That moment put things in perspective. I returned to helping tear down our gear. Just as Matt and I had most of the stuff in our cars, another lady walked up to us asking, "Is the band still here?" I told her we were the band, but that our performance was over.

She didn't care. She had a message for us.

"I live up on the hill and I heard you tonight. I wanted you to know what just happened. I have a three-year-old girl with a brain condition that stopped her from being able to speak. She's on medication and therapy, but I wanted you to know this. Your music was crystal clear up the hill and my daughter was dancing.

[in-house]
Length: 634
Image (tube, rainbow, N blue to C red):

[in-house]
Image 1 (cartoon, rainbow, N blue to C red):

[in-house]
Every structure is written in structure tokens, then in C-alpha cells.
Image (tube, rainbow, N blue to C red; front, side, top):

Then she said, 'Mommy! I go boogie!!!'

My daughter put a sentence together tonight! Because of the music! I ran down the hill to let you know that. Thank you!"

She left with a big smile. Matt and I shared one and went, "Cool!"

I hopped in my car double stung with those encounters.

I got to thinkin'..."They say it's the little things that matter."


It's the big things.



When I tell folks this, they smile and say, "Congratulations! You finally found a job!"

I smile back and say, "No. I MADE one. Two actually."

With whatever's going on with the economy, finding a job with my skill set (or lack thereof) proved fruitless. So I picked up my lifelong passion and held up a sign that read, "Have guitar. Will work. Will sing. Will travel."

It's working!

I'd love to say this recently created career is firing on all cylinders throughout the year and providing everything my family wants. It isn't. But it is providing most everything we need. We're grateful.